Conclusion: I think I've said this before, but the only reason I would consider buying these kits again (at half price) is to have the instructions in a neat format (in the adult pages) that I can conveniently hand to Calvin and which we can write on and get messy, etc., etc. Plus there is something to be said for pulling out the box and having him get excited about what is coming up, but I assume that sooner rather than later he will be asking to experiment with household goods on his own, and then the kits will have done their job and become obsolete as a material good.

When we finished the kit I left Calvin at the counter with all the materials in reach and let him go to town, resulting in fizzy raisin and goop soup.


Kitchen science—demonstrating matter

I admit it. I ordered a book of science curriculum. It was highly recommended by other homeschooling moms, and it isn't filled with worksheets and quizes, Building Foundations of Scientific Understanding is more of a guideline for parents, and that's a "curriculum" I can live with.

The "lessons" start with categorizing, so last week we took a walk and categorized everything by its manner of life or lack thereof. Is it living? Is it organic non-living, or inorganic non-living? It was a fun talk, and walk.

The second section deals with matter and the states of matter. I don't feel the need to keep up with the book's suggested pace, or even necessarily stick with its order (although it strictly warns me that deviation is unacceptable, I think rules were made to be broken), but since we've been reading Bang! The Universe Verse Book 1 on our journey through evolution, which starts with the Big Bang and the formation of matter, yadda yadda, I thought now was as good a time as any.

So we hit up the library for some books on the matter and read them. Of the books available there, States of Matter, by Suzanne Slade, was the most helpful. To connect the activities with the things we've already been reading about we took it down to energy, then to atoms, then to molecules and matter.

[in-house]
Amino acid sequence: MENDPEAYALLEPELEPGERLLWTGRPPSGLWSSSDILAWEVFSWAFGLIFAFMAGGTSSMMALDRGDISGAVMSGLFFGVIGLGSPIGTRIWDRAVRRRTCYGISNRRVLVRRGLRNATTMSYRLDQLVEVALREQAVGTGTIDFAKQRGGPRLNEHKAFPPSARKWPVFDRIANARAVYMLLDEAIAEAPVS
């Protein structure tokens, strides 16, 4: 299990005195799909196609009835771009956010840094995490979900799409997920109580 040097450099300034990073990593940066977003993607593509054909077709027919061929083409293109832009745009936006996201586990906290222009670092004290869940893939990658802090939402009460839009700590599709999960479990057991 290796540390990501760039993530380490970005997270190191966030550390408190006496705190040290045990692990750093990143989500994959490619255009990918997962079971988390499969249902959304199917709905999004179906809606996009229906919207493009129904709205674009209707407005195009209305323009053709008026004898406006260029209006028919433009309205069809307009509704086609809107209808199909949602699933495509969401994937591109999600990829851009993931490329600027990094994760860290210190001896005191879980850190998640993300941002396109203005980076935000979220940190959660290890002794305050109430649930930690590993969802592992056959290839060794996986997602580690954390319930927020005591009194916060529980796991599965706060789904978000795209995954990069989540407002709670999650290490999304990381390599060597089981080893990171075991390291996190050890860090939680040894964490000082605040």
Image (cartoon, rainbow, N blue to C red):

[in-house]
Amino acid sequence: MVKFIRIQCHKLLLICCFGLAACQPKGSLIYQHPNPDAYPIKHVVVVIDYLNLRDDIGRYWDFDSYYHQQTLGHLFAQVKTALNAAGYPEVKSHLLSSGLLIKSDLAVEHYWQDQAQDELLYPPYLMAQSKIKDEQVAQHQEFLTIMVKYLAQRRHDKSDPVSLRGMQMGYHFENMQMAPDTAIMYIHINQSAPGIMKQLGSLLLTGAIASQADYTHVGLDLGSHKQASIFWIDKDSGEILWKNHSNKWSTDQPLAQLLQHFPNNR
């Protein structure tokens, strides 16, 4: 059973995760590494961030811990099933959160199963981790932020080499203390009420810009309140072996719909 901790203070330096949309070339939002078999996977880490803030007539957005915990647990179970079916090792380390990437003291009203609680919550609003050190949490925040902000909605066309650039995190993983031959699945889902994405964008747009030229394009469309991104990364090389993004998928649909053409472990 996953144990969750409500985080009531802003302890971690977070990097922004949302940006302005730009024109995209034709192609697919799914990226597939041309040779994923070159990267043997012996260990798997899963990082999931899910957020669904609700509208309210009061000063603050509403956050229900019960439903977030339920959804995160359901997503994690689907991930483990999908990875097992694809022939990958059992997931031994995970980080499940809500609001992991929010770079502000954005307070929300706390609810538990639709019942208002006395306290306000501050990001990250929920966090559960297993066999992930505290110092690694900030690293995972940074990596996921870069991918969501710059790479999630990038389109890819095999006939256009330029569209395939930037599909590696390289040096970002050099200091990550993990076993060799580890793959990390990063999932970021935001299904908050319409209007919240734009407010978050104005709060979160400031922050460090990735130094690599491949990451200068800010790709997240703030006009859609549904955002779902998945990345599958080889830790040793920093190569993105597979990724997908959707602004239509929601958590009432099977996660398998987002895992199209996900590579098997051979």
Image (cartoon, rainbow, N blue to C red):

Then I put our books of experiments in Calvin's hands.

Demonstrating matter: marbles in a boxtop—tightly packed is a solid, lightly packed is a liquid, loosely packed is a gas. He played with that for a while, and explored items in the house with reference to their matter.

Changing states of matter: Of course. Ice from the freezer, melt it in the pot, bring it to a boil and watch it steam, allow the steam to condense on something and, if so desired, re-freeze it.

Molecules on the move: two identical glasses filled with the same amount of water. Heat one in the microwave. Add one drop of food coloring to each cup and watch the color move through the water.

Air is matter, too: sweep an air tight bag through the air and quickly close it tightly, then notice that the bag is full of...air.

Displacement of matter: fill a glass and mark the water level. Add an object and note that the water level is now higher.

Air is matter, too, two: fill a bowl with water. Find a glass smaller than the bowl and stuff a sheet of paper in the bottom so that it won't fall out. Push the glass, top down, into the bowl of water, keeping the glass completely upright. Remove, still keeping the glass straight upright, and note that the paper is dry.